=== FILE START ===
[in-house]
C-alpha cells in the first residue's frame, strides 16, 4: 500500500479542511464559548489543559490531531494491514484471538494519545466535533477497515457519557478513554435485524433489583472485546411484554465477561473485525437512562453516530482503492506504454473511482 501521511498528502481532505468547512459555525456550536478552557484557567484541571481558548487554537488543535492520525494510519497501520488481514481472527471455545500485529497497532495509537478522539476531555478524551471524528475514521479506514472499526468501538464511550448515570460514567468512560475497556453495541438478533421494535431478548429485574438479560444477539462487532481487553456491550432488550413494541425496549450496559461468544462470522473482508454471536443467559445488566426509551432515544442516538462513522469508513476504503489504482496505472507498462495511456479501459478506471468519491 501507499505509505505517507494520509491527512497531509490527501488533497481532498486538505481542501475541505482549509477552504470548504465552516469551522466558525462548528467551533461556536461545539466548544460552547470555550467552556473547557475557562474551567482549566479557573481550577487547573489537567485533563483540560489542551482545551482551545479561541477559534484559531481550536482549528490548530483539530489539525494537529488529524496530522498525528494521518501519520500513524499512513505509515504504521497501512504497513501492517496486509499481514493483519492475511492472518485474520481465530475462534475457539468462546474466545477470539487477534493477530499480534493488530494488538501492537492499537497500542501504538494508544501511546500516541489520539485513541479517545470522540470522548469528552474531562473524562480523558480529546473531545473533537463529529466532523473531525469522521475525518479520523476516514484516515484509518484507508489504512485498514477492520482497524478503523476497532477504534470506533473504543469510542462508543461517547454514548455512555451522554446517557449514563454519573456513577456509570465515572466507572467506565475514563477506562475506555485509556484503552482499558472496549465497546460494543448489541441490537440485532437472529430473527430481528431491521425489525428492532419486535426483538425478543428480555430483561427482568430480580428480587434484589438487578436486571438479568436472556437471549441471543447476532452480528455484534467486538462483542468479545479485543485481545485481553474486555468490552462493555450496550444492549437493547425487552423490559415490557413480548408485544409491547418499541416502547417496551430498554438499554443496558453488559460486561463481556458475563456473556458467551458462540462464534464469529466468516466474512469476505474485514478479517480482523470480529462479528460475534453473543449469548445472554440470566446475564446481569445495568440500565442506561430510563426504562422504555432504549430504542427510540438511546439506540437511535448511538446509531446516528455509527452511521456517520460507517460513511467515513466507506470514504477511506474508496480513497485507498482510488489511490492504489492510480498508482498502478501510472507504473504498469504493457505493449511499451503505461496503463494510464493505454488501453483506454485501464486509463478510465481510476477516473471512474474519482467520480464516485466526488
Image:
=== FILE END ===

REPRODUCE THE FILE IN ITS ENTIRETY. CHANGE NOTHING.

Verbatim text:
[in-house]
C-alpha cells in the first residue's frame, strides 16, 4: 500500500479542511464559548489543559490531531494491514484471538494519545466535533477497515457519557478513554435485524433489583472485546411484554465477561473485525437512562453516530482503492506504454473511482 501521511498528502481532505468547512459555525456550536478552557484557567484541571481558548487554537488543535492520525494510519497501520488481514481472527471455545500485529497497532495509537478522539476531555478524551471524528475514521479506514472499526468501538464511550448515570460514567468512560475497556453495541438478533421494535431478548429485574438479560444477539462487532481487553456491550432488550413494541425496549450496559461468544462470522473482508454471536443467559445488566426509551432515544442516538462513522469508513476504503489504482496505472507498462495511456479501459478506471468519491 501507499505509505505517507494520509491527512497531509490527501488533497481532498486538505481542501475541505482549509477552504470548504465552516469551522466558525462548528467551533461556536461545539466548544460552547470555550467552556473547557475557562474551567482549566479557573481550577487547573489537567485533563483540560489542551482545551482551545479561541477559534484559531481550536482549528490548530483539530489539525494537529488529524496530522498525528494521518501519520500513524499512513505509515504504521497501512504497513501492517496486509499481514493483519492475511492472518485474520481465530475462534475457539468462546474466545477470539487477534493477530499480534493488530494488538501492537492499537497500542501504538494508544501511546500516541489520539485513541479517545470522540470522548469528552474531562473524562480523558480529546473531545473533537463529529466532523473531525469522521475525518479520523476516514484516515484509518484507508489504512485498514477492520482497524478503523476497532477504534470506533473504543469510542462508543461517547454514548455512555451522554446517557449514563454519573456513577456509570465515572466507572467506565475514563477506562475506555485509556484503552482499558472496549465497546460494543448489541441490537440485532437472529430473527430481528431491521425489525428492532419486535426483538425478543428480555430483561427482568430480580428480587434484589438487578436486571438479568436472556437471549441471543447476532452480528455484534467486538462483542468479545479485543485481545485481553474486555468490552462493555450496550444492549437493547425487552423490559415490557413480548408485544409491547418499541416502547417496551430498554438499554443496558453488559460486561463481556458475563456473556458467551458462540462464534464469529466468516466474512469476505474485514478479517480482523470480529462479528460475534453473543449469548445472554440470566446475564446481569445495568440500565442506561430510563426504562422504555432504549430504542427510540438511546439506540437511535448511538446509531446516528455509527452511521456517520460507517460513511467515513466507506470514504477511506474508496480513497485507498482510488489511490492504489492510480498508482498502478501510472507504473504498469504493457505493449511499451503505461496503463494510464493505454488501453483506454485501464486509463478510465481510476477516473471512474474519482467520480464516485466526488
Image: